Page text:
A shambles

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By Gary Covington

Looking In

Tuesday, December 3, 2013


THAT was the Buhangin covered court on Thursday afternoon, the court given over to the Insurance Commission to register and payout customers of the late Prudentialife Plans Inc which collapsed three years ago leaving tens of thousands of planholders in limbo. Or that's what I thought after catching Wednesday evening's GMA news item and the first I'd heard of the event. There'd been no informing letter or notification in the press - I checked back a couple of weeks to make certain.

Maybe planholders were expected to trot round to the Insurance Commission on Duterte Street every couple of days, I've no idea. Anyway, Thursday midmorning I'd recce'd the court, noted the documentary requirements, the four tea-for-two sized monobloc tables and the lunch break - 12 noon to 1 p. m.

At 1 p. m., I turned up along with a couple of hundred other folks expecting the Insurance Commission reps already seated and bustling into action. Nearer 2 p.m., together with more and more people, I was still waiting, but at last the officials honored us with their presence. Three of them. An hour late. No apologies, no-one stood on a chair to explain what was going on, not a word, and there being no queue-defining bollards of rope or even a helping hand from the barangay hall next door the crowd heaved forward, mobbing the tables. A cry went up - priority numbers, 1 through 40. What priority numbers ? Where was the bit of bent wire or shoebox ?

A shambles, an absolute shambles.

There was an editorial the other week telling us 'not to sweat the small stuff' but how can we possibly not when every day we are exposed to the ineptitude and unrelenting couldn't-care-less image of public authority (The last day, Friday, was better with more Insurance Commission staff in attendance).

Moving on and amongst the columns and columns of post-Yolanda hand-wringing I couldn't help noticing quite a bit given over to The Storm Surge as if it were an entirely new phenomenon, an event we - i.e., the Philippines - had never experienced before.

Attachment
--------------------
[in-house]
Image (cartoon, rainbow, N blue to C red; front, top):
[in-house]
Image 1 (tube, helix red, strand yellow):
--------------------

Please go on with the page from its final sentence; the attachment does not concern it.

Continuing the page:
Storm surges - before the advent of oil rigs and such planted in the ocean - used to be called plainly and simply storm waves and that's exactly what they are; wind-driven waves which operate on the 'bigger the wind, bigger the wave' principle and Yolanda, a big storm generating big winds and moving very quickly indeed (For a typhoon) shoved in front of it very big waves.

But storm surges are nothing new. We experience them here at Davao every time there's a depression out there in the Pacific. How many times have you sat down to watch the early evening TV news and seen them reporting on shoreline stilt-houses 'partially' or 'totally' damaged by 'big waves'? Those big waves are storm surges but junior two-footers rather than the 20-foot monsters which crushed Tacloban.

Moving on again and for years now I've been convinced there's two Davaos, twin cities existing in parallel. One is reality, where you and I live, the other peopled by admen and promo-feature writers where every new residential development is ten minutes from the airport, where P1 airline seats really exist and where telecommunication companies actually deliver on their promises.

Take this example from one of the major companies - 'Billed as the next 4G technology. . . . speed tests. . . . revealed that download speeds can exceed 200 Mbps (Megabits per second, )'.

Have you ever read such nonsense? I don't know about where you live but out here at Buhangin Heights the norm is 2G with an average download speed - if you don't get cut off - of around 10-12 Kbps ( Kilobits - 1 megabit is 1 million kilobits). A five minute song takes forever to download; Youtube is out of the question as is any video. It is actually quicker for me to bicycle to the Sun. Star's downtown office with a column like this than send an e-mail. That's the real world - where telecommunication companies, internet service providers, daily promote warp-speed connectivity while failing to provide even a basic service.

Published in the Sun.Star Davao newspaper on December 03, 2013.

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